“I will open my mouth in a parable. I will utter dark sayings of old,
which we have heard and known, and our fathers have told us.”
This is the Son of God talking through the prophet, stating that he will do two things at the same time. He will speak in parables, but with those parables, he will be repeating familiar stories that had been told in Israel for generations. When Jesus spoke of Jonah being in the whale’s belly for three days, he was doing this. The story of Jonah was a familiar story in Israel, but it was, at the same time, a parable of Jesus being in the “belly” of the earth for three days.
Jesus also spoke of Abraham, Moses, David, and others. All those ancient stories were familiar to Israel, but they were also mysteries, parables if you will, which no one had ever understood – not even Abraham, Moses, or David.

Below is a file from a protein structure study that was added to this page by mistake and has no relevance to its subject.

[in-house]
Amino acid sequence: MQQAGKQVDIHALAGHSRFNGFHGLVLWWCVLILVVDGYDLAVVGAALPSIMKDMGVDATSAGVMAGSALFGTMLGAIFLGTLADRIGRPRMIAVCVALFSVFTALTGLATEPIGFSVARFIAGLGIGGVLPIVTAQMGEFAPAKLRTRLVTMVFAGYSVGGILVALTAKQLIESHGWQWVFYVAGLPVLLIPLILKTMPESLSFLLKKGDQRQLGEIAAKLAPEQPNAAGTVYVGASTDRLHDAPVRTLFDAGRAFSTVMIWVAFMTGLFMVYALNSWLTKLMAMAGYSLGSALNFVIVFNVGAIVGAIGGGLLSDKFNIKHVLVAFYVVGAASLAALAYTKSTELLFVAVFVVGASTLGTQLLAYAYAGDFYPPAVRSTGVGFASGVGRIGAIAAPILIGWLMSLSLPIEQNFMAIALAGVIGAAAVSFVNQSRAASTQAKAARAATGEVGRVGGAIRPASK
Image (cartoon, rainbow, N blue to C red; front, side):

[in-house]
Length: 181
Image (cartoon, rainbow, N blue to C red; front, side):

Jesus came to show us the knowledge of God. Part of that knowledge was that every ancient story had been designed by God as a parable of His hidden Son. The Son was God’s “second Adam”; he was Abraham's Isaac, the beloved sacrifice; he was Moses’ “prophet like unto me”; and he was the son of David who would sit on the throne forever. And he was the meaning behind countless other ancient stories as well.
From the foundation of the world, men of God had prophesied of the coming Son of God, but Jesus revealed that those men themselves were symbols of him. Their lives, directed by God, also prophesied of him. When Jesus told those ancient stories, it was the first time in history that they have been told the way they were intended by God to be understood.